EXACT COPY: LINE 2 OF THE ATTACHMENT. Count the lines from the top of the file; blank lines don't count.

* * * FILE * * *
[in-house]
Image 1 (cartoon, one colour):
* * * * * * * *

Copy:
Image 1 (cartoon, one colour):